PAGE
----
“Our church is trying something called Gospel Conversations, where we meet over coffee with a friend or neighbour to discuss three different stories from the life of Jesus. I’d love to hear your views on these encounters people had with Jesus. Would you be interested?”
“Hey _____________, along with others in my church I’m trying to learn how to talk with other people in my life about questions of faith. Would you be interested in meeting over coffee a few times to discuss some passages taken from the Bible about the life of Jesus?”
Or, if you think a small group discussion would be less threatening than a one-on-one conversation, you might like to invite a couple of friends to join you. Perhaps these are people that share a hobby with you or are members of some sort of group that you belong to. For such people you could use this sort of invite:
“Hey, would you be interested in being part of a small discussion group that explores some of the stories from Jesus’s life found in the Bible? My plan is pretty low-key; just to meet for a coffee and chat together, meeting two or three times. What do you think?”
- Pray again as you select three passages to discuss together in your Gospel Conversations. What passages might especially resonate with the person you will meet with? Here are some examples to choose from:
- John 4:5–42 [Jesus talks with a woman at a well]
- John 3:1–21 [Jesus talks with Nicodemus, a religious leader]
- Luke 19:1–10 [Jesus engages Zacchaeus, a tax collector for the Roman Empire]
- Luke 10:25–37 [Jesus’s parable of the Good Samaritan]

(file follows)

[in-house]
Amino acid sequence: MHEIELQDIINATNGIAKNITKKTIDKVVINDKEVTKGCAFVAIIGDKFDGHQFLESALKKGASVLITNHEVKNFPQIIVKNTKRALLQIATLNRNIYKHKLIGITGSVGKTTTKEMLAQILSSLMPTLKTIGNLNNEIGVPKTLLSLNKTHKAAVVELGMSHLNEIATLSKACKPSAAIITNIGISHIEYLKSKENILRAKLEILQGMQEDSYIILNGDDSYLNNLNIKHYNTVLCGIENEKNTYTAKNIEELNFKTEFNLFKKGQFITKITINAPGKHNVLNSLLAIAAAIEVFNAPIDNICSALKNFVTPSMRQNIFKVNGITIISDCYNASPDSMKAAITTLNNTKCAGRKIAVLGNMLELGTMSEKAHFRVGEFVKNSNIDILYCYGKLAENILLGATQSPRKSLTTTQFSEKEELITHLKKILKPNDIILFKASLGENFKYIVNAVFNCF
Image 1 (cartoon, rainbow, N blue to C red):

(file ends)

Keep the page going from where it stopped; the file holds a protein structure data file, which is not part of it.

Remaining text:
- Luke 24:1–12 [The resurrection of Jesus]
Some suggestions as you begin to meet
- During the conversations let the following questions be a guide, but don’t feel bound to them. Ask the Holy Spirit to guide the conversation.
- What words or phrases stand out for you?
- What do you think this passage tells us about the culture of the day?
- What do you think this passage wants us to know about Jesus?
- Do you see any connection with our lives today?
- Don’t worry if they have questions that you don’t know how to respond to. Simply admit that you don’t know, and let them know that you’ll ask someone who might be able to address the question they’ve raised. Perhaps that will be your pastor, or another member of your church. Remember, this is a conversation, and conversations are different from a Q and A session.
- Be ready to suggest a possible next step if they seem open to continue exploring questions about Jesus, Christianity, or faith in general. Are you willing to keep meeting? Is there a book you could read together and discuss? Would they like to meet over coffee with you and your pastor? Would they like you to pray for them? Test these waters gingerly, but don’t be shy to encourage them to keep exploring.
- Enjoy your conversations! Be open to where God may take them. Perhaps you will have simply planted a seed that will germinate much later. Perhaps you’ll meet regularly. Perhaps you’ll invite them to Dinner Church, or a book club, or some other “easy access” event or program at your church. Above all be genuine, and love them as Jesus would have you love them.